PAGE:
In honor of Earth Day this past Friday, I can’t help but think of things that I can do in my life to reduce single-use plastics and other eco-friendly habits that I can incorporate into my daily life. One such habit is stopping the use of plastic bags at the grocery store. This seems basic, but each time I go to the store, I’m completely shocked at the number of bags people use in the produce aisle or upon checkout.
First, lets talk about the produce aisles. I watch people take multiple plastic bags to put everything from apples, oranges, peppers, avocados, lettuce, broccoli and the list goes on. There appears to be a false sense that these plastic bags prevent dirt, germs and bacteria from getting on the produce.
They might prevent a small portion of germs from getting on the produce once you’ve picked it up, but have you ever thought about the distance that item traveled before you put it in the plastic bag. Or how many people may have touched it before you did?
The reality is that regardless of whether you put the item in a plastic bag for the final mile into your refrigerator, the produce should be washed and disinfected. When I get home from the grocery store, I fill a bowl with warm water, vinegar and a few drops of Dr. Bronner’s Citrus Pure-Castile Soap and place my fruits and vegetables into the bowl. I then rinse them and set them on towels to dry before placing them in the refrigerator. This may seem time consuming, but when you think about all the germs your fruits and vegetables encounter, it’s a simple solution to ensure your items are clean.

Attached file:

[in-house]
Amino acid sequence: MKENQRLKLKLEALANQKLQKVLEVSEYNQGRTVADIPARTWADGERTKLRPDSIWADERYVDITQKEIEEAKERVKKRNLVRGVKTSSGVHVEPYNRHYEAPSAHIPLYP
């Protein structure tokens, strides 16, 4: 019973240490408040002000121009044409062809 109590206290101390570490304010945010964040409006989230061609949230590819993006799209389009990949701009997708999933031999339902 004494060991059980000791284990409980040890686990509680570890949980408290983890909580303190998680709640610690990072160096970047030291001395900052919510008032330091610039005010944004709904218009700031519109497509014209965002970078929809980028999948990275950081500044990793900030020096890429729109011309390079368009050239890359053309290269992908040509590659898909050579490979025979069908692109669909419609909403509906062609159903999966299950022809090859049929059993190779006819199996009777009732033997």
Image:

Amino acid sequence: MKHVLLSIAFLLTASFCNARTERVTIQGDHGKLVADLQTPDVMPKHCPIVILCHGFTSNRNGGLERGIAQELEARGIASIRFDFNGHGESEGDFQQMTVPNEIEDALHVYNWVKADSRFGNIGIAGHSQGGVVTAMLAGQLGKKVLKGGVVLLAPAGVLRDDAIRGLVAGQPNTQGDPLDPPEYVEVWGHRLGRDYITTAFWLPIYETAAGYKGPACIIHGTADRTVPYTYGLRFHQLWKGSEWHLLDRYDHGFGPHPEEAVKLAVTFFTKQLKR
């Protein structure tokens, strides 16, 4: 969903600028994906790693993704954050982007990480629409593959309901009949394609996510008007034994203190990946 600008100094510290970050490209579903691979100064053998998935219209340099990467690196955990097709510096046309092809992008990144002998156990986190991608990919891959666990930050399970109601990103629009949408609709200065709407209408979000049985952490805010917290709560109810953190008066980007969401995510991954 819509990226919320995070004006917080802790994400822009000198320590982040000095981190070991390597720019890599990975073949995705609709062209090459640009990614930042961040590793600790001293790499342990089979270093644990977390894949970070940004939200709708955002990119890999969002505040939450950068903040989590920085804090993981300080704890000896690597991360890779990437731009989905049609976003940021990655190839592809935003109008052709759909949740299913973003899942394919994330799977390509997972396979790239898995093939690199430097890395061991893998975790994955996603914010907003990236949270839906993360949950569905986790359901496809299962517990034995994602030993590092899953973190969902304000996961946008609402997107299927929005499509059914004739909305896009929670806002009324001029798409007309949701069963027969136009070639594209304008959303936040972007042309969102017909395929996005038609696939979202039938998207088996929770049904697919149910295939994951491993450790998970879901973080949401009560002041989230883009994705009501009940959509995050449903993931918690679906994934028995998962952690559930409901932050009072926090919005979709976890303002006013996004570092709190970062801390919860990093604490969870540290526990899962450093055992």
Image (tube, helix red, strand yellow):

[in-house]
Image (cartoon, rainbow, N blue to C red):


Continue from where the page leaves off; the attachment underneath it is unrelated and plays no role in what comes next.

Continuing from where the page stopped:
You might be thinking, how in the world do I get green beans or loose carrots home without a plastic produce bag. Try using Tru Earth Produce nets. They are reusable and can be washed in the event something gooey gets on them.
Now let’s address the checkout process. I’m grateful that I live in a city that now charges for bags, both plastic and paper, at checkout. I do wonder if its helping to cut down on the number of single use bags used as I’m shocked at the number of bags that people continue to take visit over visit. At $0.10 per bag, this can really start to add up over time. Not to mention the amount of waste that goes into the landfills from the plastic bags. I do realize that some stores only use paper bags (THANK GOODNESS), but this still creates unnecessary waste. Is it really that difficult to purchase a few reusable bags and leave them in the car or hang them by the door to grab on your way to the store?
We all need to make small changes to reduce our reliance on plastic and to reduce the waste that plastic bags create. This small change can make a big impact over time. Remember, there is no planet B and we all need to get involved to make a difference.